More than 1,000 L.A. businesses that contract with City Hall received letters requesting they cut their fees by 10 percent to help the city reduce its mammoth budget deficit.
Many have already agreed to make the cuts. But others have rejected them and still others are offering smaller reductions.
City department heads in February sent out more than 1,000 notices to law firms, towing companies, fuel suppliers and other vendors, requesting cuts of 10 percent from their existing contracts with the city. The cuts are not mandatory and city officials said that companies declining the request would not face any penalties.
But city leaders hope that the request for contract cuts would yield $35 million to $50 million in immediate savings and may reduce the need for worker layoffs. The city is trying to close a $200 million general fund deficit for the current fiscal year ending June 30. Budget-slashing proposals have called for laying off as many as 4,000 employees.
The city staff is working on a formal proposal for cutting contractor rates for the 2010-11 fiscal year that begins July 1. That proposal may be sent to the City Council in April as part of the budget package. The general fund shortfall for the next fiscal year is projected to reach $485 million.
“We’re hoping that some folks will look at this and say, ‘Hey, I want to stay on the good side of the city, so let’s cut 10 percent from our contract,’” said City Councilman Paul Koretz, who has led the council’s action on contractor cuts.
So far, a sizable portion of city contractors appears to be heeding the call. According to the City Administrative Office, of 540 letters sent out to vendors of the General Services Department, 107 contractors agreed to make some cuts, while 68 rejected the request outright. The rest hadn’t responded as of late last week.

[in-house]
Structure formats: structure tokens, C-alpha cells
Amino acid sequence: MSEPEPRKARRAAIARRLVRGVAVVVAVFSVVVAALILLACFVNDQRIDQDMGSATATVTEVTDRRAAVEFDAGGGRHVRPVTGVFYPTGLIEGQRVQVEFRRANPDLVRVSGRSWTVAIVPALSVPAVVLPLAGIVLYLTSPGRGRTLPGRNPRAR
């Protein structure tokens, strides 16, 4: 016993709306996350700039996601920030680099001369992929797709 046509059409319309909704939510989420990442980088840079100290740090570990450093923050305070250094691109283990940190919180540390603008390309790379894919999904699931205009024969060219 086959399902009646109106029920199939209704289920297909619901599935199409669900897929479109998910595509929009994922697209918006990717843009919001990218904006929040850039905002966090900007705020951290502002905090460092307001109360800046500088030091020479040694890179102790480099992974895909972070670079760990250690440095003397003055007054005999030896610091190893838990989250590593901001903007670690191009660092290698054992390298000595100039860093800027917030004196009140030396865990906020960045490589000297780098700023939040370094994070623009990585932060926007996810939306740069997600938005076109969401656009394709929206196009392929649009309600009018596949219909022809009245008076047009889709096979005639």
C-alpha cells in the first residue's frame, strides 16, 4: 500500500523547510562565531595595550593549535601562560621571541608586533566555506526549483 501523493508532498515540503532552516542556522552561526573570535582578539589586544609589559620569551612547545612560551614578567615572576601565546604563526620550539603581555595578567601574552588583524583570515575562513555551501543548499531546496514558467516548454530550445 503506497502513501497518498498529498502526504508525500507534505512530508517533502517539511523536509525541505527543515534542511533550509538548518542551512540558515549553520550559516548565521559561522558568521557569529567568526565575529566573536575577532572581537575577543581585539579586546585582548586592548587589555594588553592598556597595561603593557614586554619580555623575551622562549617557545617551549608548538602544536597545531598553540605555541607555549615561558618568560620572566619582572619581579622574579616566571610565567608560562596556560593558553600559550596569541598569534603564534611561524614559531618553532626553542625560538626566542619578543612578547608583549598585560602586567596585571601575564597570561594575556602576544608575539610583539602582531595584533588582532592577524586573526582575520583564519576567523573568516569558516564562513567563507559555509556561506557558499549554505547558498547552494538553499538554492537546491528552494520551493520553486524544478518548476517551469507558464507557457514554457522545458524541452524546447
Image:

Of those agreeing to cuts, 43 said they would be willing to cut the full 10 percent; 64 gave counteroffers of lesser percentage cuts.
Koretz said he understood that many local businesses were going through difficult times and that many may not be able to cut 10 percent.
“Some may come back to us and say our margins are so low that we can only cut 5 percent. But every little bit will help,” he said.
The city’s Department of Cultural Affairs is reporting a much higher response rate among grant recipients. About 240 of the 255 groups and individuals receiving grants from the department said they are willing to forfeit 10 percent of their grants; however, the total saved would be only about $250,000.
Data for other city departments was not expected to be available until late this week or early next week.
Contractors for the city’s three “proprietary departments” – the Harbor Department, Los Angeles World Airports and the Department of Water & Power – were not included in the 10 percent request because those departments are separate from the general fund.
Administrative officer Miguel Santana said the city sent letters to companies with contracts that had some flexibility. Construction contracts, on the other hand, are more difficult to renegotiate.
The call for a voluntary 10 percent reduction is the first example of pressure on city contractors and vendors. Late last week, Mayor Antonio Villaraigosa and City Controller Wendy Greuel issued a memorandum to city department heads calling for limits on general fund spending. Among the steps listed: stopping furniture and equipment purchases; reducing the frequency of landscaping services and halting negotiations for new leased office space.